Wood got his revenge on the DAR ladies with his 1932 unflattering portrayal of the women of the DAR. In the background behind the women is a treasured picture of George Washington crossing the Delaware that was painted by a German painter.
After the flood of 2008 which devastated exhibits and parts of the Veteran’s Memorial Building, they had to recreate space. Teri took advantage of the chance to rotate and downsize exhibits and move materials not on display into a protected climate controlled space. The Grand Army of the Republic has a display which includes an original drawing of the building plans.
The Vietnam Gallery “An Untold Narrative” Teri worked on with Vietnam Vets. This moving display will be open until 2017, and then a World War II display will take over this gallery.
The building is also a place where entertainment happened. “In the 1920’s, 30’s and 40’s, this was the place. Johnny Cash came here once,” Teri said.
Today the coliseum is where they hold local events and rent out space. The area has served as a space for gymnastics tournaments and more. The space is also home to the Cedar Rapids Roller Girls! The seats from the coliseum which needed a bit of work have been a project that veterans have taken on. “They are redoing 635 seats. We are done with work on the backs; it will be completed by spring.”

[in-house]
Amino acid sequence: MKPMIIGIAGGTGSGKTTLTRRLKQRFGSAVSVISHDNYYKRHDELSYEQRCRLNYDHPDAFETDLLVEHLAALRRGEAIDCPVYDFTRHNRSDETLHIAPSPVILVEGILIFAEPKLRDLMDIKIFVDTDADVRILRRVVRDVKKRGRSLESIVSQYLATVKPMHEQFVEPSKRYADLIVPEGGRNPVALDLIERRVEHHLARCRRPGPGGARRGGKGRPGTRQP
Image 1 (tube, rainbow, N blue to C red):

Upstairs there is a ballroom that is a great space for weddings or any occasion. The floor to ceiling windows and view are amazing. There is an area for events to be catered as well.
There is also a fitness center for vets and a new art therapy area as well. The art program is spearheaded by a talented artist and former vet, Scott Droessler who served in Desert Storm. He suffered from PTSD and found that art helped him. After his service, he obtained a degree in art and began teaching at Kirkwood College. Besides teaching he opened a studio where vets do wood working and painting and on Tuesdays and Thursdays, guys just come and hang out and play cards.
A display that has received new life is Robert Horsky’s In Flight model airplane display. This three time vet, died in a plane mission in Vietnam and his amazing collection was just moved to the Veteran’s Building. It had been on display at the airport.
The mission for the building is, “Spearheading veterans to be empowered and take the building to the next step.”
The mission for the Easter Iowa Veterans is, “Honor, Educate, Public Preserve and Exhibit”.
Both missions are being accomplished in this beautiful space. Out front of the building is an Iwo Jima statue, everywhere you look is a tribute to those that gave all for our freedom. It is a touching beautiful place to stop that is serving vets and where vets are serving us. Log onto http://www.cedar-rapids.org/local_government/city_boards_and_commissions/veterans_memorial_commission.php for more information!